His majority opinion starts this way (with a reference to Downton Abbey: Season 3, Episode 6, see *):
It may be, as the Downton Dowager bemoaned, that “[l]ie is so unmusical a word,”* but it strikes the right note for some of the statements that Dr. Patricia Lynn Hough made in her tax returns. So does 26 U.S.C. § 7206(1), which provides a penalty of imprisonment for a person who willfully files a return “which [she] does not believe to be true and correct as to every material matter.” That is one of the statutes that Hough was convicted of violating. The other is 18 U.S.C. § 371, which prohibits conspiring to defraud an agency of the United States, including the IRS. This is her appeal of those convictions and her sentence.And below is the opening salvo from his concurrence regarding what a prosecutor can ask character witnesses. There is a long line of cases in the 11th Circuit holding that a prosecutor cannot assume guilt in asking a character witness whether that would change the witness' opinion of the defendant. The majority found that violation harmless in this case, but Carnes decided to concur to express his displeasure with this line of cases:
Not surprisingly, as the author of the Court’s opinion I concur in all of it. I write separately to offer my view about our decisions in Guzman and Candelaria-Gonzalez insofar as they hold that a prosecutor cannot cross-examine the defense’s opinion or reputation character witnesses by asking whether their testimony would change if the defendant had committed the crimes with which she is charged. See United States v. Guzman, 167 F.3d 1350, 1351–52 (11th Cir. 1999); United States v. Candelaria-Gonzalez, 547 F.2d 291, 293–95 (5th Cir. 1977). We are bound to follow prior panel precedent even if we disagree with it, but we are not bound to remain silent about whether it is wrong. And the central holding of Guzman and Candelaria-Gonzalez is wrong.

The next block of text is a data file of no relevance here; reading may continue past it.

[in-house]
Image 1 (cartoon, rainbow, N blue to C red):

Candelaria-Gonzalez first announced the erroneous holding in a case involving the cross-examination of defense witnesses who gave testimony about the defendant’s good reputation in the community, 547 F.2d at 293–95, and Guzman extended the holding to cross-examination of witnesses who gave opinion testimony about the defendant’s good character, 167 F.3d at 1351–52. The reason given for the holding was that “[t]hese hypothetical questions [strike] at the very heart of the presumption of innocence which is fundamental to Anglo-Saxon concepts of fair trial.” Candelaria-Gonzalez, 547 F.2d at 294; see Guzman, 167 F.3d at 1352. No they don’t.Judge Carnes ends his concurrence with a strong defense on cross-examination:
Regardless of how the witness answers the question, it is a proper one on cross-examination because it helps the jury get at the truth. Cross-examination, as Professor Wigmore stated, is “beyond any doubt the greatest legal engine ever invented for the discovery of truth.” 5 John Henry Wigmore, Evidence in Trials at Common Law § 1367, at 32 (Chadbourn rev. 1974). That engine for the discovery of truth should be allowed to run at full speed and not be choked to a halt by misunderstandings about conditional questions and answers or by facile references to “Anglo-Saxon concepts of fair trial.” Candelaria-Gonzalez, 547 F.2d at 294. As Thomas Paine observed, “such is the irresistible nature of truth, that all it asks, and all it wants, is the liberty of appearing.” Thomas Paine, Rights of Man 151 (Everyman’s Library ed. 1958) (1791). We ought to do what we can to give truth the liberty of appearing in a trial.